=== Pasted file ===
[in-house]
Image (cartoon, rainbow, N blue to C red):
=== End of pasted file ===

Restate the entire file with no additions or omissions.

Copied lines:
[in-house]
Image (cartoon, rainbow, N blue to C red):